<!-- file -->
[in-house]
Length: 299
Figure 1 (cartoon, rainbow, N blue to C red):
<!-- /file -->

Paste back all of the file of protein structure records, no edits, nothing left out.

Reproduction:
[in-house]
Length: 299
Figure 1 (cartoon, rainbow, N blue to C red):